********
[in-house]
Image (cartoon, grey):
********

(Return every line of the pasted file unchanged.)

[in-house]
Image (cartoon, grey):